Are there any other teams in a position to do the same thing Burke could? Is there anyone else with cash and cap space to spare plus a full slate of RFA-enabling draft picks?

  3. Kohma - I agree with your sentiment, but I don't think the Leafs have the right combination of roster players with manageable salaries to get a Kessel deal done.

    Any bodies going back to Boston will need to be high performance low contract guys - something that the Leafs aren't exactly loaded with.

  4. Junior - As Chiarelli has said he'll match any RFA offer made to Kessel - and thanks to the IR exemption he has the room to do so - I don't think it matters what teams have their 1,2,3 picks.

    As for cap space, according to NJD, FLA, STL, COL, LAK, ATL, DAL, CLB, PHO, NAS and NYI all have at least $5M+ in cap space. Whether these teams have the budget to sign Kessel is another matter...

  5. Anonymous12:16 p.m.

    Sure you can put a player on IR once the season begins, but you still need to be below the cap before the seasons starts. Meaning, they still need to be cap compliant before placing a player on IR.

  6. Paul Steckley12:42 p.m.

    Interesting point but it begs the question: If Chiarelli knows about this examption (and I think it's safe to assume that any NHL GM not named Ferguson is aware of it), then why hasn't he simply met Kessel's contract demands and immediately placed him on the long-term injury list? The fact that he hasn't suggests to me that there is more to his reluctance to sign Kessel than just the cap issue. Maybe ownership is worried about actual dollars to be spent? Maybe they just don't think Kessel is worth that kind of money? Maybe he's not convinced he can get back under the cap in time for Kessel's return?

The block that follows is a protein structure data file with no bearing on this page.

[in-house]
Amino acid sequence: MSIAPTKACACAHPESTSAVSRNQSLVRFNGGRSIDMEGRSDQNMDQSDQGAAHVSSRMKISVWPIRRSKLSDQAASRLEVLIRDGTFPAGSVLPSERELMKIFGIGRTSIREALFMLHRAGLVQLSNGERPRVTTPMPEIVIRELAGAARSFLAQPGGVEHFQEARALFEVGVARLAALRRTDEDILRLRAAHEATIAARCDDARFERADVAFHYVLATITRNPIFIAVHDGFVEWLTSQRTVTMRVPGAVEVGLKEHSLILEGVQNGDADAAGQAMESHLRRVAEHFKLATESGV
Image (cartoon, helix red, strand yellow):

7. Anonymous - That's not how I read Article 50 of the CBA.

    Article 50.5 c ii (A) states that teams may exceed the payroll cap by using the Bona-Fide Long-Term Injury/Illness Exception.

    Article 50.10 Illustrations 1, 2, 3 and 4 (pages 228 and 229 of the CBA) provide several different examples of how teams coming out of training camp may exceed the payroll ceiling by exercising the Bona-Fide Long-Term Injury/Illness Exception.

  8. Paul - That's the big question. I think Chiarelli has to (and based on the NHL draft) wants to trade Kessel.

    At the same time, Chiarelli clearly thinks Kessel's value is higher than an offer sheet would return, so he needs to protect his asset by saying he'll match any and all RFA offer sheets.

    The Bruins have such little cap room it's going to be difficult to find the right salary dollars coming and going to make a trade work. The team that moves on Kessel also has to be willing to wait until late November/December before Kessel sees a minute of ice time.

    Not exactly the ideal situation to get a trade done quickly...

  9. Funny how no one in the actual media felt the need to make this point...